The concept of “undoing a registration” is widely used in my line of work. While most dictionaries define unregister as the proper verb for it, several widely used and highly considered sources also use the verb deregister. Do both verbs exist? Are they synonyms? Is there a slight difference in their meaning?
This is a question that used to plague me for ages, until I finally sat down and thought it through.
As a programmer, I see both used a lot, and often interchangeably. For me, I like to think of the question by beginning with another question: What is the ‘not registered’ state called?
Let’s assume you’re a programmer, but keep in mind this is applies anywhere. When you have a variable which represents some item that can be registered, what do you call the function to discover if it is registered? In all likelihood, you’ll call it ‘isRegistered()’. So in that sense, you make the problem into a boolean. i.e. is it registered, or is it NOT registered.
Then, from that logic, I believe your options simply become:
- isRegistered() – false if the object is ‘unregistered’ – i.e. ‘not registered’ false == isRegistered().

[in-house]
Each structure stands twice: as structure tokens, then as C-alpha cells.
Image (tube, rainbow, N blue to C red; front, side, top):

- registerSomething() – It has now moved from ‘not registered’ to ‘registered’.
- deregisterSomething() – It has now moved from ‘registered’ to ‘not registered’. i.e. ‘unregistered’.
This is why it’s convention in programming to call an object that hasn’t been ‘initialised’ as ‘uninitialised’, not ‘deinitialised’. This implies it was never initialised to begin with, so its initial state is ‘uninitialised’. If its initial state was called ‘deinitialised’ it would give the false impression that it was previously initialised.
The bottom line for me is that you should define a convention for its use in your particular context, and stick to it. The above convention is what I now use throughout my code.
Urgh… Here is all of that in a single line 😉
state=unregistered -> ‘register‘ -> state=registered -> ‘deregister‘ -> state=unregistered.